State Member pays neighbourly visit

State Member for Evelyn, Bridget Vallence recently received a first-hand account of how Cire Services is going from strength-to-strength as one of the region’s most significant and dynamic not-for-profit organisations.

Mrs Vallence gained the insight during a neighbourly visit to our new premises in Lilydale, just two doors from her own office. Mrs Vallence was welcomed by Cire CEO, Gus Seremetis who outlined many of Cire’s achievements so far this year as well as the programs and services it continues to introduce and deliver, to best meet the needs of people of all ages across the Yarra Ranges and beyond.

Cire’s Lilydale premises accommodates Cire Training and Corporate Services, providing improved teaching, learning and office space as well as a greater public profile. The move has also freed up much-needed space for the Community School at its Mount Evelyn campus and Yarra Junction Community Hub.

Gus said Cire was committed to providing educational opportunities for people of all ages through its core operations of Cire Training, Cire Community School, Cire Children’s Services and Cire Community Hubs. She said Cire delivered its services across multiple sites at Lilydale, Mount Evelyn, Yarra Junction and Chirnside Park.

In addition to occupying the Lilydale office at 211 Main Street, Gus explained that 2019 has been a year of exciting milestone achievements. These included:

  • At the invitation of Yarra Ranges Council, taking over the management of Chirnside Park Community Hub and revitalising the purpose-built resource through a range of initiatives.
  • Securing registration to commence a 3 and 4-year-old kindergarten program at Chirnside Park Community Hub in 2020.
  • Community Training Provider of the Year in the prestigious Victorian Department of Education and Training’s 65th Anniversary Victorian Training Awards. In addition, in the 2019 Learn Local Awards, Cire was named a Learn Local Legend and a finalist in the Victorian Learn Local Practitioner Award – Nina Bekker, Cire Training’s Business Development Manager; and the Victorian Learn Local Creating Local Solutions Award – Women’s Warehouse Essentials.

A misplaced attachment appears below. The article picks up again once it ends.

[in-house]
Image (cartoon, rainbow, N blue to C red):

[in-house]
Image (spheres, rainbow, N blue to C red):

• Finalist in prestigious national business and educational awards in the respective categories of social change-maker and specialist school.
  • Cire Community School’s reputation as a school of choice validated by a waiting list of students.
  • Commencement of the building of a hospitality training facility at Cire Community School
  • Successful launch of Cire initiatives including First Impressions Clothing Exchange for, and operated by, long-term unemployed women; Level Up youth program with a focus on esports (video games) at the Chirnside Park and Yarra Junction community hubs.
  • Securing funding from/partnering with philanthropic organisations such as the RACV Foundation and Helen Macpherson Smith Trust to expand our services and programs.
  • Securing competitive government and philanthropic grants.
  • Relaunch of Cire’s website

Cire and local students stand together for gender equity

Cire Services has helped students from St Peter Julian Eymard Primary School deepen their awareness and the need for gender equity through their involvement in the Clothesline Project at Chirnside Park Community Hub.

The Clothesline Project aims to build on the work already being done by community houses as well as strengthen the region’s approach to preventing violence against women.  Cire is proud to be part of such a worthy and inclusive initiative led by a partnership that includes CHAOS, EACH, EDVOS, Maroondah, Knox and Yarra Ranges councils and Women’s Health East.

Cire was also thrilled to engage a mix of 20 enthusiastic male and female students from grades 4 to 6 at St Peter Julian Eymard P.S  in a recent Clothesline Project workshop session at CPCH.

A highlight of the activity was the crafting of t-shirts with insightful messages of empowerment. A display of the t-shirts will be a feature of “16 Days of Activism” at the hub from 25 November to 10 December.

The morning started with a discussion on gender, how it is commonly defined, and stereotypical gender roles. We talked about gender representation in the media, particularly in advertising, social media, toy advertising and movies. The children came up with many examples from their own lives on how they’ve felt pigeonholed by their gender.